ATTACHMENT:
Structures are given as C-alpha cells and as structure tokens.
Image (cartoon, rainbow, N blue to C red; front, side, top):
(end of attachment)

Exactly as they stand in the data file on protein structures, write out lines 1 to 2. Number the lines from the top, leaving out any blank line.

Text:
Structures are given as C-alpha cells and as structure tokens.
Image (cartoon, rainbow, N blue to C red; front, side, top):